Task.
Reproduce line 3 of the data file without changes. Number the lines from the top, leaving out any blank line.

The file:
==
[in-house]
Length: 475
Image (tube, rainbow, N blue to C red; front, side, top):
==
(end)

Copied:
Image (tube, rainbow, N blue to C red; front, side, top):